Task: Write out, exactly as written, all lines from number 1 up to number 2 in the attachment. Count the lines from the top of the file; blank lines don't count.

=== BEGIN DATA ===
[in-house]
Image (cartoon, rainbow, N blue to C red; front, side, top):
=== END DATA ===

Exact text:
[in-house]
Image (cartoon, rainbow, N blue to C red; front, side, top):